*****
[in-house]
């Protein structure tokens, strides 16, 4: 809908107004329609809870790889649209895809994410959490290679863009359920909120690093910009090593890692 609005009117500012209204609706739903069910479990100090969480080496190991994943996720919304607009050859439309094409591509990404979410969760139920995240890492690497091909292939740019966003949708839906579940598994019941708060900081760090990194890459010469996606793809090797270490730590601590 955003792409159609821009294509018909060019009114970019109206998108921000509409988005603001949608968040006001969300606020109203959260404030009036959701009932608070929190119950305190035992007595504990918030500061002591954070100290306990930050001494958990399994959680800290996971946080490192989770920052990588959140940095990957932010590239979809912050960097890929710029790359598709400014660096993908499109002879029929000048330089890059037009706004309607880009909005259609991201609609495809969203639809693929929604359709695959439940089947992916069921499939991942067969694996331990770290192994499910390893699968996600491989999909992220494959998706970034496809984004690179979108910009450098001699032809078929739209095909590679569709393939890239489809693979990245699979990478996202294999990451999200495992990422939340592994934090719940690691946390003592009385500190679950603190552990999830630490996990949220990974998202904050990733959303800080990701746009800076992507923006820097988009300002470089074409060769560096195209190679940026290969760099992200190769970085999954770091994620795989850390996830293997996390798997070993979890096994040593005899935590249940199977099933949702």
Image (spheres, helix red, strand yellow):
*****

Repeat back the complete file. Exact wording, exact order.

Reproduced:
[in-house]
């Protein structure tokens, strides 16, 4: 809908107004329609809870790889649209895809994410959490290679863009359920909120690093910009090593890692 609005009117500012209204609706739903069910479990100090969480080496190991994943996720919304607009050859439309094409591509990404979410969760139920995240890492690497091909292939740019966003949708839906579940598994019941708060900081760090990194890459010469996606793809090797270490730590601590 955003792409159609821009294509018909060019009114970019109206998108921000509409988005603001949608968040006001969300606020109203959260404030009036959701009932608070929190119950305190035992007595504990918030500061002591954070100290306990930050001494958990399994959680800290996971946080490192989770920052990588959140940095990957932010590239979809912050960097890929710029790359598709400014660096993908499109002879029929000048330089890059037009706004309607880009909005259609991201609609495809969203639809693929929604359709695959439940089947992916069921499939991942067969694996331990770290192994499910390893699968996600491989999909992220494959998706970034496809984004690179979108910009450098001699032809078929739209095909590679569709393939890239489809693979990245699979990478996202294999990451999200495992990422939340592994934090719940690691946390003592009385500190679950603190552990999830630490996990949220990974998202904050990733959303800080990701746009800076992507923006820097988009300002470089074409060769560096195209190679940026290969760099992200190769970085999954770091994620795989850390996830293997996390798997070993979890096994040593005899935590249940199977099933949702």
Image (spheres, helix red, strand yellow):